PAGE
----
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Kirstyloop

I’m on week 14 I think from stopping citalophram. Started taking it October 2012 after going on holiday. Prior to the holiday I felt anxious in trains/cinema/lecture halls places I felt I couldn’t get out of easily. Therefore when I sat on a plane for 5 hours I was bad, although not bad enough to have a panic attack, instead I used alcohol to cope. Which I did the whole holiday and the constant hangover made me worse. All in all I came back a quivering wreck and went on meds. Anyway came off them (20mg) did a week of 10mg then a week of 10mg nothing 10mg nothing then a week of 10 nothing nothing 10 nothing nothing. Not much of a taper when I researched afterwards.

 

Anyway, I understand waves and windows, and the lack of research on withdrawal is horrendous. I’ve booked a 4 day trip to Gibralter, my friend lives there and I’m petrified. I know it’s association between now and my last holiday which was negative. I have windows of positivity that it will be great then I’m a wreck the next wave. I’d love to think I’m withdrawing still, it would be so comforting. I go Gibralter on 9/6/14 :) eeeeeek but I will get through it. It’s only a feeling and feelings don’t kill you. Sending love and hope you all get happiness xx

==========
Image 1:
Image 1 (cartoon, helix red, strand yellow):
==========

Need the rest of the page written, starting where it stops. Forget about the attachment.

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mlrp

It pains me somewhat to post to a thread that Tim (rest his soul) so recently posted to, but I offer a link to a page on a website that helped me break down and understand the issue of my panic attacks. There isn't anything incredibly new or novel there (although the concept of "adding a second fear" was new to me, and it helped when I consciously worked to avoid that) but since it helped me, I offer it to others.

 

http://www.anxietyandstress.com/dealingwihpanicattacks.html

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xlmplmplmp

I'm currently back on a low dose of Prozac and preparing myself for a year-long taper. The issue I present tonight is one of fear. When I was suffering from full-blown withdrawal before my reinstatement I would experience fear from seemingly another planet - the sort of fear that eats away the soul. I'm not being melodramatic - this fear would come from nowhere and rip apart any hope or sense of certainty I had in anything. The complete and total fear was by far the worst symptom of withdrawal and the one I most dread when I begin to taper. Because the fear is so overwhelming and I have not found any reliable way to curtail it, I am wondering if anyone here has found methods to treat or manage it, because I am sure other people have dealt with this as well.

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LoveandLight

No I'm afraid not.. But I do understand, I think. I described it a pure terror..maybe with a slow taper you can avoid this..

 

Best of luck.

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LoveandLight